My Reading Notes : How To Be A Productivity Ninja


I have read some kind of books about productivity. Many books often explain productivity as  time management, goal achievement, building habits, and so on. But, this time I got new insights from Graham Allcott’s book which offers a radical tips of productivity. Let’s dive in what is inside.

Graham said time management is dead. It’s often taught that good time management is the key to productivity, success, and happiness. There are thousands of books on time management said that we have to prioritize the right things, start the day with a list and do from most important. It sound so easy and perfect, doesn’t it?

But as time goes flies, the game changed. We now live in age where connection and information overload. We are bombarded with a lot of information from many different sources such as our smartphone, tv, and so on. In the old time management books, dealing with a new input is simple enough. However this time, it can be distracting to us. Eventually, we will never get things done because of real works buried with unrelated emails, messages, social media, notifications, and more over.

The way of productivity ninja offers how we ‘think’ about our work, not how we ‘do’  about our work. It has a huge different. When we think about our work, so it’s about decision making. The art of decision making is our ability to make space for the ‘quality thinking time’ and how we react. Instead of time management, Graham defines attention management as foundation of decision making on how we react on our work.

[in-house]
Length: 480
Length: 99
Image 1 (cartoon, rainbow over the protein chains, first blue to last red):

Attention management comes in to reduce the battle against stress and overloaded information. Our attention is more limited that our time. Sometimes, we got to the end of the day when we have still got a lot things to do. Meanwhile, we often tell to ourselves that we ran out of time, but the reality we ran of attention to give.

Attention is finite. In an average day, we have different levels of attention such as proactive attention, active attention, and inactive attention. Proactive attention is where we are fully focused, alert, and ready to make the most important decision or to tack most complex task. Then active attention is where we are plugged in but perhaps flagging slightly. In this state, we are easily distracted, brilliant, but often sloppy. The last inactive attention is where the lights are on but no one appears to be home. There are not much brain power left and we are likely to struggle with difficult tasks.

So what we have to do? Proactive attention is less than what we expect. It’s just about 2-3 hours a day, Monday to Thursday at 9-11am, and just one and a half to two hours in Friday. As we know, our proactive attention is a scarce and valuable commodity in our quest to be productivity and to reduce stress and overloaded information. There are four things required to do in order to optimize our work with our limited proactive attention.

1. Schedule our work according to the attention level that we are operating on

2. Protect our attention as much as we can from the distractions and interruptions

3. Do whatever we can to increase attention flow, moving up to make periods of inactive attention become active ones

4. Magic up by creating additional pockets of attention such as preparing reading materials while waiting or maybe thinking while travelling

Attention management is just of one productivity ninja from this book. But I would like to say that is the important part because when we can manage our attention. Everything will be done without worrying about stress and overloaded information.

Just want to add a quote from Nietzshe “The worst enemy you can meet will always yourself”. Then controlling our attention is about controlling ourselves.


By Miftahul Arifin


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